DKsbook

US Release avail­able at PM Press

Dead Kennedys: Fresh Fruit for Rot­ting Veg­eta­bles, The Early Years

Alex Ogg • Illus­tra­tions by Win­ston Smith • Pho­tographs by Ruby Ray

Avail­able on PM Press

 

Dead Kennedys rou­tinely top both critic and fan polls as the great­est punk band of their gen­er­a­tion. Their debut full-length, Fresh Fruit for Rot­ting Veg­eta­bles, in par­tic­u­lar, is reg­u­larly voted among the top albums in the genre. Fresh Fruit offered a per­fect hybrid of humor and polemic strapped to a musi­cal chas­sis that was as tetchy and inven­tive as Jello Biafra’s with­er­ing broad­sides. Those lyrics, cruel in their pre­ci­sion, were rev­e­la­tory. But it wouldn’t have worked if the under­ly­ing son­ics were not such an uproar­i­ous rush, the paraf­fin to Biafra’s naked flame.

Dead Kennedys’ con­tin­u­ing influ­ence is an extra­or­di­nary achieve­ment for a band that had prac­ti­cally zero radio play and only released records on inde­pen­dent labels. They not only existed out­side of the main­stream but were, as V. Vale of Search and Destroy noted, the first band of their stature to turn on and attack the music indus­try itself. The DKs set so much in motion. They were inte­gral to the for­mu­la­tion of an alter­na­tive net­work that allowed bands on the first rung of the lad­der to tour out­side of their own back­yard. They were instru­men­tal in sup­port­ing the con­cept of all-ages shows and spurned the advances of cor­po­rate rock pro­mot­ers and indus­try lap­dogs. They legit­imized the notion of an Amer­i­can punk band tour­ing inter­na­tion­ally while dis­sem­i­nat­ing the true hor­ror of their native country’s for­eign poli­cies, effec­tively serv­ing as anti-ambassadors on their travels.

The book uses dozens of first-hand inter­views, pho­tos, and orig­i­nal art­work to offer a new per­spec­tive on a group who would become mired in con­tro­versy almost from the get-go. It applauds the band’s key role in trans­form­ing punk rhetoric, both polem­i­cal and musi­cal, into some­thing gen­uinely threatening—and enor­mously funny. The author offers con­text in terms of both the global and local tra­jec­tory of punk and, while not flinch­ing from the wildly dif­fer­ing takes indi­vid­ual band mem­bers have on the evo­lu­tion of the band, attempts to be celebratory—if not uncritical.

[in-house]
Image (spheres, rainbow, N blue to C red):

Praise:

We have a sense of humor and we’re not afraid to use it in a vicious way if we have to. In some ways, we’re cul­tural ter­ror­ists, using music instead of guns.“

—Jello Biafra of the Dead Kennedys

It was obvi­ous that the DKs weren’t just another band that was gonna come and go. They were some­thing spe­cial. Biafra was an absolute tal­ent. And he had a band behind him that were tight and good.“

—Howie Klein, con­cert pro­moter, disc jockey, and record label executive

One day, this kid from my social stud­ies class brought in a cas­sette tape of The Dead Kennedys’ Fresh Fruit for Rot­ting Veg­eta­bles and I lis­tened to it and my life was changed completely.“

—Adam Gierasch, film director

One of my favorite rock ’n’ roll mem­o­ries is of an after-party dur­ing the DKs’ first visit to Seat­tle. Rec­og­nize that bands like this for me—these actual guys being at a party in the same house that I was in—was like being in the pres­ence of Led Zep­pelin or Kiss.“

—Duff McK­a­gan of Guns ’n’ Roses

My edu­ca­tion was punk rock—what the Dead Kennedys said … It was attack­ing Amer­ica, but it was Amer­i­can at the same time.“

—Bil­lie Joe Arm­strong of Green Day

 

Click here to go to PM Press Site.